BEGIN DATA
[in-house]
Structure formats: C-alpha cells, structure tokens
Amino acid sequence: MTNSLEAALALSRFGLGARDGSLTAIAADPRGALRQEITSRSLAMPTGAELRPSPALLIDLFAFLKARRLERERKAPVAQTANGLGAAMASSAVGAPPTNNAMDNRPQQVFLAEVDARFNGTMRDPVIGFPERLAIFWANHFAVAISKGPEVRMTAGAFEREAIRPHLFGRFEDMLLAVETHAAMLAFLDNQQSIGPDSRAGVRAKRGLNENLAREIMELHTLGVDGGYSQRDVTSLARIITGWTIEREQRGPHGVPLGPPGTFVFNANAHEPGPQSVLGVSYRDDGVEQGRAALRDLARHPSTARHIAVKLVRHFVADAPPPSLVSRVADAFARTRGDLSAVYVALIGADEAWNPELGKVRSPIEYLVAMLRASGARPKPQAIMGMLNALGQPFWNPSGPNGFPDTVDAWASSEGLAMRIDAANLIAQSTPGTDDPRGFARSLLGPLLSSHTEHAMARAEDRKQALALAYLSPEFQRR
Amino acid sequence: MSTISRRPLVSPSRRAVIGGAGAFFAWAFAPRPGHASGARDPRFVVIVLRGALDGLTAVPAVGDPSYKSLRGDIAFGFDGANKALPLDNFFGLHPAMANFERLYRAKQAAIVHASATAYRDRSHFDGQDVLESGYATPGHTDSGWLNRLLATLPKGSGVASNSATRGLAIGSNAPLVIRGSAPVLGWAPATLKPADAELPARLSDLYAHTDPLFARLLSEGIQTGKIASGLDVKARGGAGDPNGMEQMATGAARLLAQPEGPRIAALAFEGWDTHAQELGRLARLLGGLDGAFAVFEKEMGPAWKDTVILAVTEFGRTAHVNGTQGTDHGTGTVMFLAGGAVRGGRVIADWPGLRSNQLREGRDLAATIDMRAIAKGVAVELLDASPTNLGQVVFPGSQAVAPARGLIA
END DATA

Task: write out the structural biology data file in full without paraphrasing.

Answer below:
[in-house]
Structure formats: C-alpha cells, structure tokens
Amino acid sequence: MTNSLEAALALSRFGLGARDGSLTAIAADPRGALRQEITSRSLAMPTGAELRPSPALLIDLFAFLKARRLERERKAPVAQTANGLGAAMASSAVGAPPTNNAMDNRPQQVFLAEVDARFNGTMRDPVIGFPERLAIFWANHFAVAISKGPEVRMTAGAFEREAIRPHLFGRFEDMLLAVETHAAMLAFLDNQQSIGPDSRAGVRAKRGLNENLAREIMELHTLGVDGGYSQRDVTSLARIITGWTIEREQRGPHGVPLGPPGTFVFNANAHEPGPQSVLGVSYRDDGVEQGRAALRDLARHPSTARHIAVKLVRHFVADAPPPSLVSRVADAFARTRGDLSAVYVALIGADEAWNPELGKVRSPIEYLVAMLRASGARPKPQAIMGMLNALGQPFWNPSGPNGFPDTVDAWASSEGLAMRIDAANLIAQSTPGTDDPRGFARSLLGPLLSSHTEHAMARAEDRKQALALAYLSPEFQRR
Amino acid sequence: MSTISRRPLVSPSRRAVIGGAGAFFAWAFAPRPGHASGARDPRFVVIVLRGALDGLTAVPAVGDPSYKSLRGDIAFGFDGANKALPLDNFFGLHPAMANFERLYRAKQAAIVHASATAYRDRSHFDGQDVLESGYATPGHTDSGWLNRLLATLPKGSGVASNSATRGLAIGSNAPLVIRGSAPVLGWAPATLKPADAELPARLSDLYAHTDPLFARLLSEGIQTGKIASGLDVKARGGAGDPNGMEQMATGAARLLAQPEGPRIAALAFEGWDTHAQELGRLARLLGGLDGAFAVFEKEMGPAWKDTVILAVTEFGRTAHVNGTQGTDHGTGTVMFLAGGAVRGGRVIADWPGLRSNQLREGRDLAATIDMRAIAKGVAVELLDASPTNLGQVVFPGSQAVAPARGLIA